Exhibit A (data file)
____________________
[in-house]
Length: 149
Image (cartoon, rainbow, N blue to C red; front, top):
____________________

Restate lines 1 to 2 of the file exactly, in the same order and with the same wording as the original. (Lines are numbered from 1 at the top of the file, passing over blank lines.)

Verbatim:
[in-house]
Length: 149